Coaching today is as varied as the people who practice it. The International Coach Federation (ICF) places a stamp of approval on coach training programs and credentials coaches, but ICF coaches practice career coaching, life coaching, business coaching, retirement coaching, and offer a wide variety of personal coaching specialties. The Association of Corporate Executive Coaches (ACEC) and its MEECO-certified Master Corporate Executive Coaches (MCEC) verify that each person passes through a rigorous process reflecting the common knowledge, skills, and abilities of a professional corporate Executive Coach. University-based coaching programs offer the theoretical background needed to approach leaders with a broad and comprehensive understanding of adult learning, theory, and practice rather than a one-size-fits-all coaching approach.
Coaching programs and training may be necessary but are not enough on their own. A strong Executive Coach recognizes the uniqueness of each leader and has deep understanding of the theory that informs the learning and development process. An even stronger Executive Coach also approaches the often-disruptive executive coaching experience with careful attention to both the performance and development aspects of their client within the larger context of their organization and their life. It is this aspect that leads to a transformational experience where the Executive Coach and the client engage in a process that begins with challenging their personal perspective, often through feedback, that leads to critical self-reflection and a shift in mindset that underpins behavior change.
Adults can realize change, growth, and learning when they reframe their point of view; these are achieved when the person is truly willing to challenge their own assumptions and broaden their perspective. However, for an Executive Coach to truly facilitate this process effectively, the coach must also bring deep business experience to the coaching table.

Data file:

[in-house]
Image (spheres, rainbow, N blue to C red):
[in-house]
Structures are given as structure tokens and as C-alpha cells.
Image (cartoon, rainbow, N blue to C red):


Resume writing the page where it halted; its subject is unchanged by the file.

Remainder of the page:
Enhancing leadership capacity, drawing outside of the lines, and applying creativity, solution-seeking, and innovative decisions do not just happen because a coach applies powerful questioning techniques or sticks hard and fast to their client’s agenda. Behavioral shifts happen within the context of the client’s ever-changing organization, and for the Executive Coach to facilitate this process, the coach must also bring their own lived experience of senior leadership to reinforce the natural guardrails of the Executive Coaching relationship.
Leaders seeking an outstanding coach to support their development can look for a coach who is well-educated in the process and has learned to question assumptions. They can also look for a coach who brings organizational savvy, dynamic thinking, and someone who has a lived business experience to reflect context and strategies that work in the workplace. Whether engaging with a solo practitioner or with a consulting firm’s Executive Coaching practice, they should be proud to offer success stories, references, and feedback about the rigor the coach brings to the engagement. Ultimately, the rapport and trust between the leader and the Executive Coach will go a long way to build capacity and “draw outside of the lines.”
Adena Johnston, D. Mgt. MCEC
Vice President and Practice Leader, Talent Development